'I grew up under the Soviet Union. When I saw this letter, basically telling me what I could and couldn't say, I thought this was precisely the kind of letter a comic would have been sent there.'

The SOAS student union said it 'does not require external speakers to sign any form of contract or behavioural agreement'. A spokesman said the contract had been drawn up by the Unicef On Campus society without consultation with the student union, and the society had been 'over-zealous' in its interpretation of Charity Commission guidelines.

The Unicef On Campus society raises money for the charity but is not officially affiliated with it.


Doing Things Right: Betsy DeVos, Title IX and Due Process

It took 149 pages of quasi-incomprehensible prose to state, but the U.S. Department of Education has finally done something positive: it has issued a proposed rule on the enforcement of the Title IX statute relating to sexual assault. It is to be commended because it follows the rule of law: the Department has formally proposed something that must, according to statute, be subject to public review and comment.

This is in vivid contrast to the Obama Administration’s notorious 2011 “guidance” in sexual assault matters, which it issued without any opportunity for public comment or debate. The “guidance” technically had no formal legal standing, but universities treated it as if it were law. If this procedure were allowed to occur regularly, zealous government bureaucrats could drastically change the rules by which American citizens live and work, totally independent of constitutionally provided provisions of representative democracy.

Therefore, independent of the content, Secretary of Education DeVos’s issuance of a rule is more in keeping with constitutional principles. To be sure, a strong case can be made that we would be better off without central direction of higher education, and that the narrow approval of the Department of Education in the late 1970s was a mistake, but that is a discussion for another day.

The DOE rules say that universities are responsible for investigating sexual assault and harassment issues occurring on campus, but it appears that off-campus activity unrelated to the university’s programs should not be subject to university scrutiny. As I interpret this, a college student accused of sexually assaulting a non-student off campus during summer vacation would not usually be brought into the university disciplinary process. It is not entirely clear where the line is to be drawn between on-campus and off-campus activity, and whether geography is the prime determinant. But it appears to be a step in the direction of saying to universities that potentially bad behavior by students in settings where you have no control or remote involvement should be handled the way such cases are handled for non-university citizens, through law enforcement.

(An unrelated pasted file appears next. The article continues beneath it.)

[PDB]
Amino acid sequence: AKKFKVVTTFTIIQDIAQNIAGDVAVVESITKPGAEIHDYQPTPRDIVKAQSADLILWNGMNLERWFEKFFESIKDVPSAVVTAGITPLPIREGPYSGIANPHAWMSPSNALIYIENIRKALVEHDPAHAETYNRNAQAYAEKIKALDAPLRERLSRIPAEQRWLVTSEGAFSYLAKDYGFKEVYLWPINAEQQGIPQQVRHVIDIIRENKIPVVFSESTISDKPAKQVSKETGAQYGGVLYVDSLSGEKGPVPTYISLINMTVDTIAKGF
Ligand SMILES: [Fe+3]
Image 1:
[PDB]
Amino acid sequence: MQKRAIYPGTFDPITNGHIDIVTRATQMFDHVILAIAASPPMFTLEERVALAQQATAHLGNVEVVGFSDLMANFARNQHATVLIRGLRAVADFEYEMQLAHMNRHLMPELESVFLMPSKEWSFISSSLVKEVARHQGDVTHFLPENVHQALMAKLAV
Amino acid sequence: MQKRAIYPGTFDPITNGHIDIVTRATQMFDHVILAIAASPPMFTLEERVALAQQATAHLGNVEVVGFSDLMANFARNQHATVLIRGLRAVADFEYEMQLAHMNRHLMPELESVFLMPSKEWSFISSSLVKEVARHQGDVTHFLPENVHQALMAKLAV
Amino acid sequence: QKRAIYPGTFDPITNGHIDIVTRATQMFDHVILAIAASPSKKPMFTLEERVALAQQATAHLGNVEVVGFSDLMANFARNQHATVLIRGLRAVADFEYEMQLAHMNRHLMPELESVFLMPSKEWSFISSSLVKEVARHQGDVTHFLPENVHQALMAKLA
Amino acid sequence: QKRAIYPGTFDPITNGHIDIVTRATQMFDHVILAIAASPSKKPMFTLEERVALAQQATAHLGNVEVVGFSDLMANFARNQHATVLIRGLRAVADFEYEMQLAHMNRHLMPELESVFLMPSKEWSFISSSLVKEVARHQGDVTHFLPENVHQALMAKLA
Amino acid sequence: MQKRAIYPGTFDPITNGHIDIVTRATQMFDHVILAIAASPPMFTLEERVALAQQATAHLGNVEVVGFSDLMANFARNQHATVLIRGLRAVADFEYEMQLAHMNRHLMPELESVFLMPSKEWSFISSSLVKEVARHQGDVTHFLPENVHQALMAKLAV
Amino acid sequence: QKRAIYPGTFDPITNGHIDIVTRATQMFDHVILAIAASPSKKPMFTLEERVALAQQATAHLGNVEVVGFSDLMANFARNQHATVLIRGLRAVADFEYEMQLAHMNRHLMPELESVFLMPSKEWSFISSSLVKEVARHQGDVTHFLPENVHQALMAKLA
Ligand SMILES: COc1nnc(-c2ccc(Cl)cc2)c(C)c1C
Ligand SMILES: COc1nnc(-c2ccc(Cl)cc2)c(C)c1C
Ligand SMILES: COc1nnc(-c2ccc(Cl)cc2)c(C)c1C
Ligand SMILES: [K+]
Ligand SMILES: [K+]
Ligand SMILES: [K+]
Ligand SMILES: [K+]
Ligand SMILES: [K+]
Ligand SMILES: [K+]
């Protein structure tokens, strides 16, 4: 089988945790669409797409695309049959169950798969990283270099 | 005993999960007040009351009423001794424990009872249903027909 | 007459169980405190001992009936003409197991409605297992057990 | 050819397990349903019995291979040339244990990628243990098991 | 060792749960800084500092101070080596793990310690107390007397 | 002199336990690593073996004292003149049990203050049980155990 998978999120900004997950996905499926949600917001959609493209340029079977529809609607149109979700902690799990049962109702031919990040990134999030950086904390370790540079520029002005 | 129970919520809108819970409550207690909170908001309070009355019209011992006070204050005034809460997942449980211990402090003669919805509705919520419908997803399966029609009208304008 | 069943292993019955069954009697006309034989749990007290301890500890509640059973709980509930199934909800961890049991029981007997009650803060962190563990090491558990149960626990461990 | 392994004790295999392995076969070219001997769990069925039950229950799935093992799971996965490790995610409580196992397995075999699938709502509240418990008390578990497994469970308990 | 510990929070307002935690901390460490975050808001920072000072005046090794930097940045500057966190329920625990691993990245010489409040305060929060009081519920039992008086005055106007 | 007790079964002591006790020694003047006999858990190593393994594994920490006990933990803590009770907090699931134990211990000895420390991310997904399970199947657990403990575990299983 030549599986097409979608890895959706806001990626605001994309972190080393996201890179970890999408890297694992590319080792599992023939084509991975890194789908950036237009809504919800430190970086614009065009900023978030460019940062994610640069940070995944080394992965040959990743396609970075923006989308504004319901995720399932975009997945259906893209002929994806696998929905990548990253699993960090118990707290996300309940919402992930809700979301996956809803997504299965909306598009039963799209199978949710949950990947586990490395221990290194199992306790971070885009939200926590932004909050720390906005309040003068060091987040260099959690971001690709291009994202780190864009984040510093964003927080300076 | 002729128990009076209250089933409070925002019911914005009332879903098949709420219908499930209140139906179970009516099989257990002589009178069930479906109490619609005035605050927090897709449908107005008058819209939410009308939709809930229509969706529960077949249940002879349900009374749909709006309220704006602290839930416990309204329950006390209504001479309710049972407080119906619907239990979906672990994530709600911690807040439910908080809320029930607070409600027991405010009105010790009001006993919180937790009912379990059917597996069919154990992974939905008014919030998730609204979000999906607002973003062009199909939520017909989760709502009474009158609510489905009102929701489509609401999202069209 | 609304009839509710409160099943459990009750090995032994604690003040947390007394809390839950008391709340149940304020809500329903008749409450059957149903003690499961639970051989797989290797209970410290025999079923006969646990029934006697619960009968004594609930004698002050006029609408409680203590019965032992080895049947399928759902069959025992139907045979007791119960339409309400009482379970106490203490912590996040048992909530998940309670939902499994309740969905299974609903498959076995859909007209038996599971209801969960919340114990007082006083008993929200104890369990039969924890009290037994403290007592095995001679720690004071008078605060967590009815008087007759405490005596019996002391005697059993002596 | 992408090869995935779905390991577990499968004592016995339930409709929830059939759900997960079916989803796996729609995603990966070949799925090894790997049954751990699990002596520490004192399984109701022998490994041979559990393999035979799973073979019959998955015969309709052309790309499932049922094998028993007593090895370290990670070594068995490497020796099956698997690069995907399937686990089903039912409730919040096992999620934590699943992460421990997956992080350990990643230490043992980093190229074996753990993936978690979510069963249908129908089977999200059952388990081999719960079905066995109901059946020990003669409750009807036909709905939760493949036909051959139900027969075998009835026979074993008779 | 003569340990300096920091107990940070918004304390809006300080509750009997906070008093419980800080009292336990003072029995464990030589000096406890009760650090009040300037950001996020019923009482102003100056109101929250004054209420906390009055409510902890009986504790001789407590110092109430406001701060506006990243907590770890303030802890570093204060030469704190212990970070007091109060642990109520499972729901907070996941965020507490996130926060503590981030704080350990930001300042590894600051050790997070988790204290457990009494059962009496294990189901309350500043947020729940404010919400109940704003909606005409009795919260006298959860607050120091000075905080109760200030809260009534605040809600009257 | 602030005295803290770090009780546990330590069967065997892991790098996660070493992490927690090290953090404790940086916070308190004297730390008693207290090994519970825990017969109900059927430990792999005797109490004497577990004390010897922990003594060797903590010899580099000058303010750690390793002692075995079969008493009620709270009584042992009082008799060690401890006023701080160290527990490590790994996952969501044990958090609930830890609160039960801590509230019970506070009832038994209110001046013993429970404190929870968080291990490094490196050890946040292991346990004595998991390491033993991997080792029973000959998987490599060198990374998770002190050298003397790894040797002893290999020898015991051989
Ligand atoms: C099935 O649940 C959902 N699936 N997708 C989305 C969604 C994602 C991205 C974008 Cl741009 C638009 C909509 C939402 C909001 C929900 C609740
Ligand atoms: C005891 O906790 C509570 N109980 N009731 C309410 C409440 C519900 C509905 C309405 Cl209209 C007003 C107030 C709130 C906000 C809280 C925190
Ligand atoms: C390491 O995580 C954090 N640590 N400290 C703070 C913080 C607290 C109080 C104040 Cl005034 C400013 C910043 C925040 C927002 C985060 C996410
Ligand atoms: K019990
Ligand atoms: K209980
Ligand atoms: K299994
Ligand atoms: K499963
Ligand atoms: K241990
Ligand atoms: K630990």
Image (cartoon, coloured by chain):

I have often wondered “why should university students be treated differently than anyone else, and why allegations of rape, a serious felonious law violation, should not automatically be referred to law enforcement for adjudication?”

An even more important victory for fairness and adherence to Anglo-American legal traditions that predate American independence comes from the DOE saying colleges must determine the evidentiary standards to be used in sexual assault allegations, and that students must have the right to cross examine their accusers in some fashion.

Under the Obama guidance rules, Washington declared (illegally in my judgment although it was never really tested definitely by the courts) that a “preponderance of evidence” standard should be used. If colleges were 51 % sure a student was guilty, he or she should be punished. That is completely at odds with American jurisprudence and has led to some clearly demonstrated cases of unfair and wrongful accusations made against students.

I know of one largely unpublicized incident where a student was found guilty of sexual misconduct and expelled, but where later a jury would not convict him in a formal legal proceeding—but the student nonetheless committed suicide because of acute despondency arising from his life being ruined.

My prediction is many colleges will continue to use the unfair preponderance of evidence standards (which are wholly appropriate in many civil proceedings) because of a desire to be politically correct and to demonstrate “we will not tolerate sexual misconduct.”

The same colleges, however, often invite such misconduct, in my judgement, by such practices as permitting co-ed dormitories, giving out condoms like candy to students, and tacitly tolerating illegal excessive consumption of alcohol by underage students. How often do students get punished for illegal drinking?

The DOE rules should probably nudge courts into finding colleges who put political correctness above adherence to American traditions of jurisprudence liable for damages when they ruin innocent student lives. Colleges love to show how uber-progressive they are, but they love money even more. Whoremongering trumps moralizing.